Among the many estate planning tools available in Florida is a legal mechanism known as a “Life Estate.” Its primary advantage is allowing you to transfer property to your beneficiaries upon death without going through probate.
Depending on the size and complexity of your estate, Florida probate proceedings may be a long, demanding, and expensive process, which makes a Life Estate well worth considering if you wish to help your loved ones avoid probate. Nevertheless, it is crucial to familiarize yourself with the process and consult with a Florida attorney to ensure that creating a Life Estate best suits your estate planning needs.
How Does a Life Estate Work in Florida? – An Explanation
In Florida, a life estate is an arrangement wherein the owner of a property can split its ownership between one or more “life tenants” (the life estate holders) and one or more “remaindermen” (the future interest holders).
A life tenant, or life estate holder, is someone to whom the owner grants the right to live in a property rent-free until their death. Under this agreement, life tenants must keep the property well-preserved and never destroy or damage the premises intentionally (which includes failing to preserve the property).
If the property generates income, such as a rental apartment, life tenants also have the right to that income while they are still living. Nonetheless, life tenants do not have full ownership rights, so they do not have the right to sell or transfer the property without the consent of the future interest the remaindermen.
A remainderman is the person who gains ownership of the property once the life tenant passes away. Accordingly, the remainderman can also occupy the property after the life tenant’s passing without having to go through probate.
Unlike life tenants, once their interests are fully vested (i.e., once the life tenant passes away) remaindermen can do what they wish with the property (e.g., sell, mortgage, lease, rent, or even gift it).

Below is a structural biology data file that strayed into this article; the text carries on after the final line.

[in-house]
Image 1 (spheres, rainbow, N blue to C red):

Should I Create a Life Estate in Florida?
Property owners in Florida typically create a Life Estate in order to still remain in their residential properties for the rest of their lives while ensuring their loved ones can receive the property once they pass.
The remainderman cannot occupy the property until the death of the life tenant (unless the life tenant gives permission). Once the life tenant passes, the remainderman has full rights of possession, occupancy, and control.
Thus, a Life Estate creates a unique type of joint ownership. An illustrative and common example is parents using this arrangement to remain in their homes while they are still living, but having their home go to their children instantly upon their death.
Bear in mind that while remaindermen cannot occupy a property during the lifetime of the life tenant (unless the life tenant gives permission), they must still work with the life tenant in decision-making regarding the property, such as selling the property, taking out a mortgage using the property, and other big decisions.
Additionally, if the life tenant of the property changes their mind and decides to revoke the life estate, they will need the consent of all remaindermen.
In light of the restrictions of this type of deed on the life tenant, Florida also has what’s called an Enhanced Life Estate Deed, or “Lady Bird” Deed, that gives the life tenant a lot more control over the property while they are still living.
The Enhanced Life Estate Deed (a/k/a “Lady Bird” Deed)
Just like with a regular Life Estate Deed, a “Lady Bird” Deed allows the life estate holder to live and occupy the property while they are still living but have the real estate go to their beneficiaries upon death without the need for probate.
However, the “Lady Bird” Deed has the added benefit of allowing the life estate holder to have full control of the property until their date of death. This control allows the life tenant to rent, mortgage, or even sell the real property (and keep the full sale proceeds) without needing the consent of the remaindermen. Give the flexibility and control that this type of deed affords, a “Lady Bird” Deed is often the more common type of Life Estate Deed that is created in Florida.
Is a Florida Life Estate Right for You?
Florida law allows individuals to use a wide array of estate planning tools, but it is important to consult with a real estate and estate planning attorney to determine which options best fit your needs.
Determining whether a life estate is an ideal option for your case requires a review of your estate planning goals. You must be careful in selecting your remaindermen and plan ahead with respect to your intentions with the property.
Our attorneys will take time to review your circumstances and understand both you and your estate in order to provide informed advice for your situation. Please call us at (800) 604-1871 or email us at Info@JFRealEstateLaw.com for a free consultation on Life Estate Deeds and our other estate planning and real estate services. We offer estate planning, real estate, and probate services throughout the State of Florida.